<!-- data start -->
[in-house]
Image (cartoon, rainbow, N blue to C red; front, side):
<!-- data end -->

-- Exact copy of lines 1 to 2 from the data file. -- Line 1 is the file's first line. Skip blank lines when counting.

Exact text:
[in-house]
Image (cartoon, rainbow, N blue to C red; front, side):